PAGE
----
How to survive your first time on a motorway
Passing your driving test is one thing. Driving for the first time on a motorway is quite another. Even experienced drivers can get the heebie-jeebies when confronted with a fast-flowing motorway, with three lanes of fast-moving traffic, juggernaut lorries and light-flashing maniacs charging down the outside lane. So how much more of a hair-raising experience is motorway driving for someone who has not long ditched the L-plates?
There’s the over-taking, the under-taking the blind spots, the signs, the sudden jams... But there are plenty of tips to stay safe, and keep calm. Perhaps the most important is to remember that a motorway is not just like any other road, only faster. It’s a completely different environment, with its own rules, characteristics and nuances. As such, it requires different reactions and demands different responses. The only way to learn these is by tackling the challenge head on (that’s the wrong expression, but you get my drift), which means you have to take things steady, have your wits about you and prepare yourself with information and advice.
Nice & steady
If possible, don’t undertake your first ever motorway drive solo. An experienced passenger can make all the difference in terms of guiding you through the process and calming your nerves. So, when first getting onto the motorway, make full use of the sliproad. Put your indicator on and wait for a decent gap in the traffic. Try to be decisive, and make sure you manoeuvre smoothly and steadily. Once another driver knows what you are doing, chances are he or she will allow you to enter. Hesitation and jerking to and fro will only cause confusion.
Stick to the first lane until you get used to the speed. If the road is wet or visibility is poor, drive slowly, and this will also reduce nerves in difficult conditions. Don’t worry about annoying others around you – safety first! Another tip is the ‘two-second rule’. So on a dry road and in good conditions, leave at least a two second gap between you and the vehicle in front – or more in poor weather. Some UK motorways have reinforced this by using chevrons. This means that, for example, if a car suddenly slams on the breaks, you have the time and space to stop too.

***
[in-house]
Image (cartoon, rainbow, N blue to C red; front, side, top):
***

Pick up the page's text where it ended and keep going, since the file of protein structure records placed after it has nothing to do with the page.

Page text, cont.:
Use your mirrors to keep abreast of what’s happening around you – and indicate when you’re changing lanes to tell other drivers your next move. But remember to check your ‘blind spot’ (over your right shoulder) when doing so – your mirrors won’t give you a 360-degree perspective. Most importantly, keep your wits about you at all times.
The good news is that, statistically, motorways are safer than dual carriageways and most other types of road. Every driver is going in the same direction, at similar speeds, and there are no sharp bends, roundabouts, pedestrians or cyclists to deal with. Yet you’d be surprised at some people’s stupidity. So prepare for the unexpected - this may sound like common sense, but you are not allowed to reverse, or cross the central reservation on motorways.
On my first motorway trip I faced a gang of joy riders driving in the wrong direction. That was enough to keep me in the slow lane for several years! If you breakdown on the motorway, pull onto the hard shoulder as far to the left as you can with your wheels turned to the left. Put on your car hazard lights to warn other motorists, and if visibility is poor, leave your side lights on. Then get out of your vehicle on the left hand side, and move passengers as far away from moving traffic as possible.
Your life expectancy on a busy motorway hard shoulder is approximately 12 minutes. It’s not a place to linger. Never set foot on the carriageway unless you have absolutely no alternative. If you have breakdown cover included on your insurance policy, now is the time to use this – or the time to regret not buying it!